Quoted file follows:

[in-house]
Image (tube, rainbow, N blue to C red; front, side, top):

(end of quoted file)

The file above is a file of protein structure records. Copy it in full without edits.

[in-house]
Image (tube, rainbow, N blue to C red; front, side, top):